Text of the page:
Posts Tagged ‘Performing’

If you have a multiple processors (or multi-core processor), you can use the Processor Affinity to direct a specific process to use a specified core. By this way, if your process always use the same core, the process will run more efficiently because of the cache re-use.

You can set the Processor Affinity in the task manager.

Open the task manager, choose your application and go to process.

Go to the process

Go to process

Right click on the process and choose “Set Affinity”

Set Affinity

Set Affinity

Then choose which processor or processors your process will run on.

Processor Affinity

Processor Affinity

Setting the Processor Affinity programatically in C#

.Net gives you the ability to determine which core or cores your application will run on. You have to use the System.Diagnostics namespace which contains the class Process. This class contains the ProcessorAffinity property that can be used to either get or set the processor affinity.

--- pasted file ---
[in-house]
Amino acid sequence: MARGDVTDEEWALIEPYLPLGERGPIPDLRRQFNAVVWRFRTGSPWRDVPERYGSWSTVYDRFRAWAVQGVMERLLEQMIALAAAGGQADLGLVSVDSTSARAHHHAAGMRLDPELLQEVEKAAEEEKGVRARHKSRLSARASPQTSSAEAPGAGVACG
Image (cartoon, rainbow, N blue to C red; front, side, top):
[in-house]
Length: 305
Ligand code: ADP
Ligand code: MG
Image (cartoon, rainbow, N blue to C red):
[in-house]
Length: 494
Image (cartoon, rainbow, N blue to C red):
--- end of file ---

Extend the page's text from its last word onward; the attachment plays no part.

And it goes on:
Notice that the ProcessorAffinity property is a bit mask where each bit represents a single processor. The following table shows a selection of ProcessorAffinity values for an eight-processor system.


Binary value

Eligible processors

0x0001 00000000 00000001 1
0x0003 00000000 00000011 1 and 2
0x0007 00000000 00000111 1, 2 and 3
0x0009 00000000 00001001 1 and 4
0x007F 00000000 01111111 1, 2, 3, 4, 5, 6 and 7

The following example shows the processor affinity of the current process and then change the processor affinity to processor 1 and 2.
using System;
using System.Collections.Generic;
using System.Linq;
using System.Text;
using System.Diagnostics;

namespace ProcessorAffinityExample
    class Program
        static void Main(string[] args)
            using (Process myProcess = Process.GetCurrentProcess())
                Console.WriteLine("ProcessorAffinity: {0}", myProcess.ProcessorAffinity);

                Process.GetCurrentProcess().ProcessorAffinity = (System.IntPtr)3;

                Console.WriteLine("ProcessorAffinity: {0}", myProcess.ProcessorAffinity);


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